On your typical good day in SoCal, shortly after you take another sip of the potion and hit the three-wheel motion and just prior to your late-night sighting of the Goodyear blimp bigging you up in lights, you're gonna hit Fatburger. Say around 2 a.m.*, with pager still blowin' up.
It's always been between this big bad boy and In-n-Out here in Cali, but for some reason Fatburger lost the PR war after a glorious run in the long-gone '80s. Back then, even emerging national rap superstars the Beastie Boys recognized it as the best option out west in absence of their beloved White Castle.
Now, in its 50th year, Fatburger still has true blue fans who won't accept anything else. Still, the place rarely gets the love it deserves. Maybe it's been out word-of-mouthed by devotees of the competition. Maybe its rapid franchising into markets as far as Jersey City and Clearwater, Florida, has given customers the feeling that Fatburger's quality was a thing of the past.
That's a true shame given the quality and value found at this phat chain. Not to mention the copious quantities of love at Fatburger. The food is imbued with nostalgic good vibeslike a jar of Skippy run through with Mom's butter knife. Clean, service oriented, and chock-a-block with knickknacks, black-and-white photos of Ray and the Godfather of Soul, and rollicking '50s tunes from the glowing jukebox, Fatburger is a vision in neon. You almost picture Gidget and her friends sucking down thick milkshakes and engaging in wholesome good times before the next longboarding session. Although, we do have to admit we've seen some dodgy Fatburger locations where amped-up thugs were not having a good day.
No such dodginess was in evidence the other night when the AHT team, with fresh objective tastebuds at the ready, visited the Fatburger on Wilshire Boulevard in tony Brentwood to sink our teeth into the restaurant's famed sandwich. Despite the Fox News report blaring away on one of the numerous TV sets, we were not only able to hold our meal down, we came away aggressively in favor of a "back to Fatburger" movement. The meal was that good.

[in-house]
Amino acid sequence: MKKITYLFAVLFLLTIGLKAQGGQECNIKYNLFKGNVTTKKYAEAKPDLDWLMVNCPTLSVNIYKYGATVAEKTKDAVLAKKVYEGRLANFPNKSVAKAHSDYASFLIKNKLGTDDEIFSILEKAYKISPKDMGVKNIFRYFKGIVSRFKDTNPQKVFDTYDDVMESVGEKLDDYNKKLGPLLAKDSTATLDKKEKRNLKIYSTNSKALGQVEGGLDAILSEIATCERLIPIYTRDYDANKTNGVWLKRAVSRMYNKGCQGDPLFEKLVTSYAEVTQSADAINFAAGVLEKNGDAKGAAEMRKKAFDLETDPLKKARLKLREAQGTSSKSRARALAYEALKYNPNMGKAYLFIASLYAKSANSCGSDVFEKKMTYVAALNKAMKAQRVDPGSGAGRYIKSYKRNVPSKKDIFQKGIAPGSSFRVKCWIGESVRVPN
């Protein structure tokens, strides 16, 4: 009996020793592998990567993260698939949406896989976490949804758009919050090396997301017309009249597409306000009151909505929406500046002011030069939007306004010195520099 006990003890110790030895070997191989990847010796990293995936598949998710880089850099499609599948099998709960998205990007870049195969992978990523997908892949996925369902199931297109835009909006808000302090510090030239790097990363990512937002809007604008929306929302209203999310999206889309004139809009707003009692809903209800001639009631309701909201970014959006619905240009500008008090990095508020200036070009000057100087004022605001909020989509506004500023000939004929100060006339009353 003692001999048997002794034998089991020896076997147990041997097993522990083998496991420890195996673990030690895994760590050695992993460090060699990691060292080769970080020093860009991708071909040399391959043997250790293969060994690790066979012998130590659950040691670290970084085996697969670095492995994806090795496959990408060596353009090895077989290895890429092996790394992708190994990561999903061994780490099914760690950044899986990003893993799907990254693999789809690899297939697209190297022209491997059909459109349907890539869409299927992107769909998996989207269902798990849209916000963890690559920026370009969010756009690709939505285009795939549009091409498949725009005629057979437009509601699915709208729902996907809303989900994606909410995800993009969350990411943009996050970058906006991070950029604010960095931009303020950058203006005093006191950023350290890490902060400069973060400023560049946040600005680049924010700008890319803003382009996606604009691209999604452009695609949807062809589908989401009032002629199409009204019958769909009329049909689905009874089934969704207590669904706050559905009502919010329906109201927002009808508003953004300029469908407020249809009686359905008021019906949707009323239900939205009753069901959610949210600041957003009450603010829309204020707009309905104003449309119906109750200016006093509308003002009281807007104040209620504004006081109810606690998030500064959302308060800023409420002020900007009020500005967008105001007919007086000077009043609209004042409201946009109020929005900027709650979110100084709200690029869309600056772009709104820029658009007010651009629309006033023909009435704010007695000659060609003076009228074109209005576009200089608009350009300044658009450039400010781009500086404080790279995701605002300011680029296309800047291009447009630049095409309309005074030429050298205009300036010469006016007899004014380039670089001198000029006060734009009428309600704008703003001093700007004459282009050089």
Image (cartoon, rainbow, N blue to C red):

Unlike the misleading experience we had while attending the Neverending Story when we were 8, Fatburgers are indeed fat. There are options to have either the 1/3-lb. Fatburger or the bigger 1/2-lb. Kingburger and even double up on meat, cheese, or anything else.
One of Fatburger's best traits is its enormous ability to help you pimp your burger. With a range of normal toppings (The Works includes pickles, relish, mustard, mayo, tomatoes, onions, and lettuce) to more personally preferred add-ons (egg, chili, bacon, thousand island), as well as a choice of skinny or fat fries, Fatburger allows mixin' 'n' matchin' to your twisted heart's content.
Slipping a worn dollar into the jukebox, I located Legend and descended into irieness with Robert Nesta Marley in my ears and a Kingburger with the works, cheese, and an egg in my hands. My companion, a mellow Tibetan ex-junkie punk-rocker and little person who goes by the name of Han Solo, went for the Kingburger with cheese, but sans ovum.
In a quick five minutes, our burgers arrived. Han's Kingburger was almost the size of his head. Given the size of the burger here, each bite yields a different taste. Like setting out on a motorcycle trip through South America, the wide plains of the Fatburger deliver a new surprise around each turn. Sometimes the relish overpowered one bite or the mayo and mustard flooded the beef, while another bite might yield pure beef patty. The toppings have a certain freshness that leaps crisply to the palate.
Fatburger claims to use the leanest beef of any burger, but tearing a chunk out of the patty, it was still very juicy and pleasantly greasy. The egg added a peppery flavor and mixed with the cheese, making the whole burger gooier, which I liked. The overall taste of the burger is excellent, not quite In-n-Out level, but a true contender for second place, packed with zesty freshness and flavors that intermingle and sometimes stand alone. The fries don't necessarily impress, as they are a little too hard, but the onion rings are light and crispy. The Fatburger tastes moist and fresh; its infinite flavors a fun place to explore for an evening. It is a burger you can really tear into and indulge in, knowing it won't be gone in a hot second.
Looking back at the counter with its cool old-school stools, Han and I had to laugh at Fatburger's new ad campaign featuring attempted edgy attitude with phrases like, "Hello?!" "No lame music. No generic burgers," and "You're hungry. We're open." Han, who lived on the street for 18 grueling months, thought it was especially hilarious that this burger joint was acting so damn hard.
We left fully satisfied, Han unable to eat his entire burger due to the munching of too many onion rings and a wee little stomach that carries about half of what mine currently can. I almost could not finish mine either, as the photographic evidence shows, but I rallied after a pause in the action. Looking back on the experience and the fact that neither of us had to use our AK, we agreed our Fatburger visit had made for a good day.
Location Reviewed: 12005 Wilshire Blvd., Los Angeles 90025
Cost: 1/3-lb., $3.69; 1/2-lb., $4.69; special add-ons, $0.50